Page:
RE: Expletive.
By Oregonian2 on 10/30/2008 8:45:43 PM , Rating: 2
Yup, that's the very silly thinking that has costed so many people their lives (even if you do it as a joke).


RE: Expletive.
By foolsgambit11 on 10/29/2008 3:40:52 PM , Rating: 2
Yeah? And tens of millions have died of tobacco not being made illegal.

DDT was prohibited in the U.S. The U.S. doesn't have a malaria problem. Pretty much everywhere else, it is still legal for vector control - i.e., killing mosquitoes to keep down malaria. In fact, it is still on the World Health Organization's list of insecticides recommended for indoor residual spraying to prevent mosquitoes, although it isn't as effective as it once was.

Not only that, but there are alternatives to DDT. Most do have some toxicity risk, and they are frequently more expensive, but the U.S. can afford it. We do it with unleaded gasoline instead of the old cheaper leaded blends, for instance.

So before you go all crazy accusing those Socialists up in Washington posing as Democrats of being baby-killers, get your facts straight. In 2006, for instance, the CDC reported 6 fatalities from malaria from among 1564 cases reported in the United States. In the vast majority of those cases, the disease was contracted while abroad in West Africa, especially by those who failed to adhere to their prophylaxis regimen. 60 years ago malaria was endemic to the U.S. Southwest, but DDT and other pesticides have virtually wiped it out, to the point where the CDC has trouble confirming cases of mosquito-borne transmission in the U.S.

It was only once the risks outweighed the benefits that DDT was banned in the U.S. No matter how safe you think DDT is, would you waste all of that money spraying it everywhere to prevent a handful of U.S.-originating malaria cases annually, most likely resulting in less than one death per decade?


RE: Expletive.
By Spuke on 10/29/2008 4:04:42 PM , Rating: 2
quote:
U.S.-originating malaria cases annually, most likely resulting in less than one death per decade?
I don't think those posts were referring to just the US but worldwide deaths from malaria.


RE: Expletive.
By Parhel on 10/29/2008 4:34:39 PM , Rating: 2
quote:
don't think those posts were referring to just the US but worldwide deaths from malaria.


That's right, but those posts were attempting to link a ban on agricultural use of DDT in the US to the number of incidences of malaria around the world. This despite the fact that in the US, DDT is still, and has always been, legal for use in disease control.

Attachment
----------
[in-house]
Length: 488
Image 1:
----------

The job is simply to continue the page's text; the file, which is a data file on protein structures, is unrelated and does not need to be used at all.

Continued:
Not only are those posts false, but in fact the opposite is true. Banning the use of DDT for agricultural use has actually helped its effectiveness as a disease control agent as mosquitoes have developed less resistance to DDT than they would have if it was more widespread.


RE: Expletive.
By Ringold on 10/29/2008 5:39:31 PM , Rating: 1
quote:
Not only are those posts false, but in fact the opposite is true. Banning the use of DDT for agricultural use has actually helped its effectiveness as a disease control agent as mosquitoes have developed less resistance to DDT than they would have if it was more widespread.


Perhaps it's just me, but I'd of rather obliterated malaria as close to completely as possible in a massive blitz of DDT spraying and vastly reduced the problem versus this half-ass path we ended up taking. Perhaps if we'd done that, malaria would've been localized. Well, I guess it's localized now, as in all of Africa. But hey! They're poor, who cares? We saved some African eagles.


RE: Expletive.
By Samus on 10/30/2008 4:07:52 AM , Rating: 2
DDT doesn't prevent malaria, it just keeps the suckers away. For that, DET (which replaces DDT) is more effective. And its safer, more effective, costs less and is thus more available.

Since it is non-toxic unlike DDT (it was discontinued for causing resperatory problems in rats if I remember correctly) they could potentially make a pill version of it that you sweat out and make you completely unattractive to the bugs.


RE: Expletive.
By Cypherdude1 on 10/30/2008 5:31:28 AM , Rating: 2
You are correct, your teacher never had any problems drinking DDT every year. His neighbors have even grown accustomed to greeting his children...... who also happen to look like mosquitoes.

B ^D
quote:
I know of a teacher who has some DDT and every year he takes a spoonful and eats in front of his new class. He has been doing this for years.